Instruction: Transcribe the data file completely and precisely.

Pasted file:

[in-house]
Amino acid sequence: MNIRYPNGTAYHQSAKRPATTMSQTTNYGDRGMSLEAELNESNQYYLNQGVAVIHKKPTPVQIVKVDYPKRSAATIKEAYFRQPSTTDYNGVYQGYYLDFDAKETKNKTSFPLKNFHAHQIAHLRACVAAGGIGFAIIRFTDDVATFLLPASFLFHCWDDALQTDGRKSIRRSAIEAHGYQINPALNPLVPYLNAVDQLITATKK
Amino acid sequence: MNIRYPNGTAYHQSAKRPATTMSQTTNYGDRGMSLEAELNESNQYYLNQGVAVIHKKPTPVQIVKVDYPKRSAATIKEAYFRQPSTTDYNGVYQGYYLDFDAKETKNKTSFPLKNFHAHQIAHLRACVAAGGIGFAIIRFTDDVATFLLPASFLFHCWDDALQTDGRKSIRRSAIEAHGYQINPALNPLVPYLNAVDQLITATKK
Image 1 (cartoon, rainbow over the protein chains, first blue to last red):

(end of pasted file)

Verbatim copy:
[in-house]
Amino acid sequence: MNIRYPNGTAYHQSAKRPATTMSQTTNYGDRGMSLEAELNESNQYYLNQGVAVIHKKPTPVQIVKVDYPKRSAATIKEAYFRQPSTTDYNGVYQGYYLDFDAKETKNKTSFPLKNFHAHQIAHLRACVAAGGIGFAIIRFTDDVATFLLPASFLFHCWDDALQTDGRKSIRRSAIEAHGYQINPALNPLVPYLNAVDQLITATKK
Amino acid sequence: MNIRYPNGTAYHQSAKRPATTMSQTTNYGDRGMSLEAELNESNQYYLNQGVAVIHKKPTPVQIVKVDYPKRSAATIKEAYFRQPSTTDYNGVYQGYYLDFDAKETKNKTSFPLKNFHAHQIAHLRACVAAGGIGFAIIRFTDDVATFLLPASFLFHCWDDALQTDGRKSIRRSAIEAHGYQINPALNPLVPYLNAVDQLITATKK
Image 1 (cartoon, rainbow over the protein chains, first blue to last red):